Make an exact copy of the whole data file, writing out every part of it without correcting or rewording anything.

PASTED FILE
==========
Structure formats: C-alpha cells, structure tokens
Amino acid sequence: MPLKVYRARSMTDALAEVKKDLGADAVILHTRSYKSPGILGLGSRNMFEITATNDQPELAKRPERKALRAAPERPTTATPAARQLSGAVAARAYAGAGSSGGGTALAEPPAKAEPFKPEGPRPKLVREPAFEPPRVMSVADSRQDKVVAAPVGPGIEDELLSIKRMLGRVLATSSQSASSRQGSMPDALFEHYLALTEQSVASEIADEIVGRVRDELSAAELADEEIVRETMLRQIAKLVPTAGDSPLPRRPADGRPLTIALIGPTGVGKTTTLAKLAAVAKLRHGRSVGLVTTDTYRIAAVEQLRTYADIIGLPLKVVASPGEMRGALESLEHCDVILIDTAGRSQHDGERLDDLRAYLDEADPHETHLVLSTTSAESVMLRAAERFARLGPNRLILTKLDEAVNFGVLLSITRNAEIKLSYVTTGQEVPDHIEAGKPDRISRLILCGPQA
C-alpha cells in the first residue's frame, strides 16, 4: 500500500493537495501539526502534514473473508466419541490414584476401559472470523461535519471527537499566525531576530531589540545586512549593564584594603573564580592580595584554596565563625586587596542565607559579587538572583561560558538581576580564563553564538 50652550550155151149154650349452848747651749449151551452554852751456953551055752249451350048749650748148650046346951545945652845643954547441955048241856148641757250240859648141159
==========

Structure formats: C-alpha cells, structure tokens
Amino acid sequence: MPLKVYRARSMTDALAEVKKDLGADAVILHTRSYKSPGILGLGSRNMFEITATNDQPELAKRPERKALRAAPERPTTATPAARQLSGAVAARAYAGAGSSGGGTALAEPPAKAEPFKPEGPRPKLVREPAFEPPRVMSVADSRQDKVVAAPVGPGIEDELLSIKRMLGRVLATSSQSASSRQGSMPDALFEHYLALTEQSVASEIADEIVGRVRDELSAAELADEEIVRETMLRQIAKLVPTAGDSPLPRRPADGRPLTIALIGPTGVGKTTTLAKLAAVAKLRHGRSVGLVTTDTYRIAAVEQLRTYADIIGLPLKVVASPGEMRGALESLEHCDVILIDTAGRSQHDGERLDDLRAYLDEADPHETHLVLSTTSAESVMLRAAERFARLGPNRLILTKLDEAVNFGVLLSITRNAEIKLSYVTTGQEVPDHIEAGKPDRISRLILCGPQA
C-alpha cells in the first residue's frame, strides 16, 4: 500500500493537495501539526502534514473473508466419541490414584476401559472470523461535519471527537499566525531576530531589540545586512549593564584594603573564580592580595584554596565563625586587596542565607559579587538572583561560558538581576580564563553564538 50652550550155151149154650349452848747651749449151551452554852751456953551055752249451350048749650748148650046346951545945652845643954547441955048241856148641757250240859648141159